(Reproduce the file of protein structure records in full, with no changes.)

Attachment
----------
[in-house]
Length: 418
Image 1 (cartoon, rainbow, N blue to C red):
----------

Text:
[in-house]
Length: 418
Image 1 (cartoon, rainbow, N blue to C red):